Artist Feature: Allison Bouganim
Editor Shenyah Webb, Art, March 15th, 2017
Wax That Ass -- a project fighting sexual harassment.
The progression in gender equality awareness has brought younger voices into the spotlight in ways I don’t remember seeing in my own generation. While brooding in my own sexist experiences as a teenager, or simply not even realizing all the places they existed, I was quiet about it. I didn’t truly realize my voice until well into my 30s. I see more and more young women coming forward in artistic ways to promote the message that this is not okay. It gives me hope for my children and for the future of women.
When Allison Bouganim shared her work with me, my initial response was how proud I felt by her bravery and great insight, especially at the ripe age of 18. Her most recent body of work, Wax That Ass, is a series of interactive sculptures created by casting various female asses, women brave enough to come forward with their stories of rape and harassment, then molding their asses with plaster and wax. Finally, she adds a digital element to them. Each one is paired with a group of sound clips ranging from things women find themselves saying in the bedroom seeking acceptance to sexist music clips. When touched in certain areas, they are sounded.
In addition to the interactive gallery, the asses are also designed to move from place to place. In a “guerilla-style” fashion, camera ready and on the look out, she poses them in locations throughout her hometown of Miami. Although this seems, and is, harmless, she has actually been banned from various locations for her installations.
“My site-specific installations are meant to illustrate typical places of unwarranted harassment towards women. Whether it be from going to the supermarket, or the beach, the park, your place of work… My works are meant to play in the comfort and discomfort of the viewer while sparking a conversation. They are designed to test the bounds and limitations of sexuality.”
“Growing up in Miami, the over-sexualization of the female form was incredibly prevalent — and oddly accepted. One of my earliest memories of this experience was when I was around nine. I was holding my older sister’s hand while walking, when a group of men lowered their windows and shouted something disgusting to us and then referenced lesbian porn. I also remember an earlier memory when a friend and I were waiting for our bus at the bus stop, where a group of men pulled over to where we were, opened the doors, and asked if we wanted to get in. Since those very early experiences, I was always curious about the sexualization of women in our culture and how it was so normalized — especially in Miami. As I grew up, I experienced that kind of treatment towards women and young girls at a more dramatic and aggressive rate. I did more research on the male gaze, the porn industry, and other sources of inspiration for me. I then decided that it was time to make a statement about these issues.”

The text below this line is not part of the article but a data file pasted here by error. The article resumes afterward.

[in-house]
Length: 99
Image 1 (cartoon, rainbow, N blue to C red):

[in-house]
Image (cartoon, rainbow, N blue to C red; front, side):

“For my upcoming exhibition, I am working one-on-one with rape survivors and other women to create the sculptures, and then photograph them in places where they have personally been harassed or felt threatened. The goal of this exhibition is to allow their stories and voices beheard rather than told.”
Rather than these survivors becoming re-victimized by not feeling believed, empathized with, or even protected, Bouganim aims to share these stories in a light where they cannot go unnoticed.
“My goal as an artist is to raise questions/awareness about political and social issues plaguing our world. I feel it is my obligation to bring these topics to light, using my artistry as a platform to combat these issues and enlighten more people about these topics.”
Distribution of knowledge and awareness of the exploitation of women and the harassment of their bodies will continue to be the primary focus of her work. Bouganim tells me she is even planning to host “butt-molding parties,” possibly taking her project to the next level.
“My hope is that this project grows into an awareness that just cannot be ignored!”
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Allison Bouganim is an emerging 18-year-old artist from Miami, currently living and working in San Francisco. Born a triplet, she chose a less conventional path than her siblings, immersing herself into alternative education and project-based learning. This opened up many opportunities for her at a young age. By 15, she started her own internationally recognized jewelry business, and by 17, she started her own non-profit organization collaborating with a local homeless shelter for women and children in Miami, called Lotus House. Her participation in the activist arts and design world has not gone unnoticed. She has exhibited in Florida, Tanzania, Africa, and will be holding an upcoming solo exhibit in San Francisco in April 2017. She was honored as the 2017 YoungArts Finalist in visual arts and received the 2016 Silver Knight honorable mention in art. To learn more about her work, visit her site, here.